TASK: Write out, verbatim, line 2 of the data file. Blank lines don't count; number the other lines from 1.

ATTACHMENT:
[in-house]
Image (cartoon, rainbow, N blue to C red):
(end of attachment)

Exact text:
Image (cartoon, rainbow, N blue to C red):